Forward light scatter (FS), side scatter (SS) and red fluorescence (FL) parameters were measured to analyze reticulated cells. FIG. 3A shows that the time of incubation can be reduced to approximately 5.5 seconds from 25 seconds and obtain comparable reticulocyte enumeration. Results are reported from duplicate analysis. Samples 1 and 2 represent abnormal high reticulocyte counts in blood cell samples 1 and 2, respectively, and sample 3 represents a normal reticulocyte count in a blood cell sample from a screened normal donor.
FIG. 3B shows a comparison of a reticulated cell assay of the reagent composition of this invention compared to a reticulated cell assay of a reagent without a sphering agent. The resulting data demonstrates a linearity to a referenced reticulocyte assay using thiazole orange. It is shown that the slope of the reagent composition is essentially a value of 1, indicating a correlation with the referenced method.
Accordingly, the figures demonstrate that the method of this invention can be performed within 25 seconds with accuracy to the referenced method.
FIG. 5 is a determination of staining kinetics using coriphosphine-O. In one analysis, a degranulating agent is added to a whole blood sample to degranulate the ADP found in the dense granules contained in the reticulated platelets and mature platelets, and in the second analysis the degranulating agent is not used. In this example, the degranulating agent is thrombin receptor activating protein (TRAP).
It is known that the reticulated platelets contain RNA, but the mature platelets do not contain RNA. Consequently, by graphing the mean fluorescence intensity of the platelet population against the time of incubation, a determination of the contribution of the ADP staining to total staining can be made. This enables the differentiation between the reticulated platelets and mature platelets to be obtained.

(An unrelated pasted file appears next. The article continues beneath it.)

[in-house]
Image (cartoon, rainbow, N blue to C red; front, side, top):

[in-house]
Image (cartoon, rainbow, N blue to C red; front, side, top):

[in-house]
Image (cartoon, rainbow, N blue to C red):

The invention has been described with reference to particularly preferred embodiments. It will be appreciated, however, that various changes can be made without departing from the spirit of the invention, and such changes are intended to fall within the scope of the claims.
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|U.S. Classification||436/63, 436/164, 436/17, 436/8, 436/10, 435/2, 436/166, 436/172|
|International Classification||G01N15/14, C12Q1/04, G01N21/64, G01N33/72, G01N33/49, G01N33/80, G01N33/48, G01N33/50|
|Cooperative Classification||G01N15/1459, G01N15/12, G01N2015/1477, G01N2015/1402, G01N33/80, Y10T436/10, G01N33/5094, Y10T436/107497, G01N33/721, Y10T436/101666|
|European Classification||G01N33/50D6, G01N33/80, G01N33/72B|
|Jan 27, 1999||AS||Assignment|
Owner name: COULTER INTERNATIONAL CORP., FLORIDA
Free format text: ASSIGNMENT OF ASSIGNORS INTEREST;ASSIGNORS:HORTON, ALLAN;WYATT, JAMES L.;REEL/FRAME:009722/0508
Effective date: 19981020
|Nov 10, 2003||FPAY||Fee payment|
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|Nov 9, 2007||FPAY||Fee payment|
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|Nov 9, 2011||FPAY||Fee payment|